Thank you and god bless

  • Hi John
    I like your site very helpful. I’ve been in the business for over 20 years and like you I thought I knew everything I needed to know before taking the test for the first time in 2007 which was element based. Needless to say I didn’t pass. Time went by and I never had another chance to retake the test. Then after I lost my job with that company I decided to reapply and retake the test in 2011. This time it was the computer based test and I passed but there was a problem with my submitted work history, problem being they had lost my work history and I failed to make copies of it before mailing it off. But I had other issues pop up and never got to resubmitting my work history until recently. Now I have a level 2 certification and am applying for my level 3. My question is do I have to submit my work history again with the application? Thanks.

    • Hi Jeff,
      Congratulations on your achievement and best of luck on your level 3. As far as the requirements for level 3 is basically level 2 requirements (2 years of experience) plus 3 additional years for a total of 5 years so make sure you submit all the minimum requirement. If it is the same I would submit it again. In addition you have to submit a personal recommendation showing that that you possess independent engineering technician responsibilities. Make sure that you keep all the copies for your records.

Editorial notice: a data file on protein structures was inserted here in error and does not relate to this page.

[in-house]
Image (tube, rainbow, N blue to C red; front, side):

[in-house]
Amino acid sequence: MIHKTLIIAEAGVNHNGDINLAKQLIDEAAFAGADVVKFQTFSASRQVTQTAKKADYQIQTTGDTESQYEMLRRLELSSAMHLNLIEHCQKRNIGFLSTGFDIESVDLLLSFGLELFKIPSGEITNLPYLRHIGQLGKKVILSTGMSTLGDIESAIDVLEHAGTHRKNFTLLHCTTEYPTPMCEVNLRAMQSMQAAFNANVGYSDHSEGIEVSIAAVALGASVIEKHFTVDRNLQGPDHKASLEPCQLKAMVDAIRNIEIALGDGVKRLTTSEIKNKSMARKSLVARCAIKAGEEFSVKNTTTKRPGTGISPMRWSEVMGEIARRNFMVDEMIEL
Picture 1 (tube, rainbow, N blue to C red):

Again, good luck and keep us posted about your progress. Let me know if you need anything else.

  • Hi, John.

    Have any chances an enginner from Ukraine with 6 years experience in fire alarm and sprinkler systems (our standards a similar to EN) to be allowed to passing the level I exam? If it possible to pass examination remotely?

    Thanks a lot!

  • Passed my NICET 1 this week with the help of your website and co-workers. Thanks!

    FYI: They are now using the 2013 edition of NFPA 72 for the test.

    • Congrats Anne on passing your level 1. Glad you found the site helpful. Yes I will definitely update the site to reflect new changes.

  • Hi john

    I recently passed both nicet 1 and 2 and just sent in my paperwork for experience verification and was wondering if you knew how long it takes to get certified.

  • I am studying for my test tomorrow and sweating big time! wished I had found ur website before. u r bookmarked! been in the industry for over 18 years and find myself in the same boat as you on ur 1st test…..want my level 3 by this time next year….I will keep abreast of ur site for info…THANKS!

  • John,

    Approximately how much time should I give myself to study for the test? A month? 40hrs of study time? Any estimate would be appreciated. I’m trying to